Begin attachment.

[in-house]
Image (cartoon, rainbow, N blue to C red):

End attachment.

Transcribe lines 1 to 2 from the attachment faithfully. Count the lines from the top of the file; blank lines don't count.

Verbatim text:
[in-house]
Image (cartoon, rainbow, N blue to C red):